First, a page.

Ontario Farm Faces $720,000 in Animal Cruelty Charges
June 9, 2011 § 68 Comments
Interestingly, I can not find mention of this story, well, anywhere. The only place I found it was in the “Farmers Forum” which is, according to them, “Eastern Ontario’s and east-central Ontario’s leading farm newspaper”. Article is posted below. I find it very slanted, and quite inflammatory. Of course, I’ve seen this attitude before with the (horse) pro-slaughter activists. ‘Be careful farmers, it’s a slippery slope… if they ban horse slaughter it’ll end up killing the cattle industry… if they enforce humane laws it’ll kill the cattle industry… they’re all animal rights activists… blah… blah… blah‘.
I will, as usual, be breaking into the “article” to add my own two cents. I can do that, because it’s my blog. :)
Shocker: investigators can ignore codes of conduct and make up their own rules
By Ian Cumming
CHESTERVILLE — Last December, an unidentified caller to the Ontario Society for Prevention of Cruelty to Animals (OSPCA) fretted about a dozen bred, healthy Holstein heifers standing outside a Chesterville-area farm. The heifers had free-choice baleage, later tested at 20 per cent protein, free-choice water, shelter beside the dairy barn and a nearby grove of trees. The temperature on the day was minus four degrees Celsius. It was a pleasant day for cows. It turned out to be one of the worst days in the lives of David and Marilyn Robinson, who owned the farm.
Ok. First off, the slant in the article is evident by the very first sentence. “fretted about a dozen bred, healthy Holstein…” That bothers me. Secondly, I would have to guess someone has a grudge against the Robinsons. Why else would anyone call if it was only -4 degrees Celsius? Especially if they had shelter? And were in good weight? I mean, most people wouldn’t even notice if there was enough water or food as they drove by! But… the cattle weren’t in good weight.
When OSPCA investigator Bonnie Bishop ordered the Robinsons to put their heifers back in the barn and later charged them with animal cruelty, they decided to fight back.
More slant. The writer doesn’t explain up front that the cattle looked skinny (which explains the order to put them in the barn where it was warm). Was the passerby someone who knew nothing about cattle? Cattle and horses are judged on a different scale. Horses are judged on a scale of 1-9 whereas cattle (at least in Ontario) are judged on a scale of 1-5. Supposedly, according to the writer (you’ll see shortly) these cattle were a 2.5 on the BCS (Body Conditioning Scale). A rating of 2.5-3 is what is deemed acceptable. 2 is deemed underweight (see image below). The writer also intimates below that more charges were laid because the Robinsons “fought back”. (Click on the photo to enlarge, then click your “back” button to return to this page.)Click on the photo to enlarge, then click your “back” button to return to this page.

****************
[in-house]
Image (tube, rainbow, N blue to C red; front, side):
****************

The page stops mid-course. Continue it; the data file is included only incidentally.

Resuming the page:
When OSPCA investigator Bonnie Bishop ordered the Robinsons to put their heifers back in the barn and later charged them with animal cruelty, they decided to fight back. That resulted in more charges and $720,000 in fines — $60,000 for each charge of animal cruelty brought against them. The Robinsons have one of the smallest dairy farms in the province – with 15 kg. of quota – and have been dairy farmers for 39 years. But they are not pushovers and have just fought their case in a five-day provincial appeal hearing at the Animal Care Review Board at Cornwall ending May 13. It speaks more about the abuse of power than it does about the Robinsons’ management practices. The hearing found that regardless of the Dairy Codes of Practice, an OSPCA officer can ignore them and make up his or her own criteria for what is animal cruelty. Even if the Robinsons win their case, which they should, no one will cover their legal fees, which means even when you win you lose.
“It speaks more about the abuse of power than it does about the Robinsons’ management practices.” Again, slant.
“…an OSPCA officer can ignore them and make up his or her own criteria for what is animal cruelty.” This is interesting. The OSPCA has been under fire over the last year or two for failing to charge people in general, and for poor management of their dog and cat shelters. Yet, suddenly, they’re “making up their own rules” and charging this poor farmer egregiously. I happen to think, and many agree with me, that the laws written regarding the care of livestock are archaic, antiquated, and full of holes. I do think the OSPCA should have the power to fill in those places where age and gaps exist. It is their job. They are trying to prevent cruelty to animals.